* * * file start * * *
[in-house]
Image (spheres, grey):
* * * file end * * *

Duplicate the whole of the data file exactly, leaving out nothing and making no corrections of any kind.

[in-house]
Image (spheres, grey):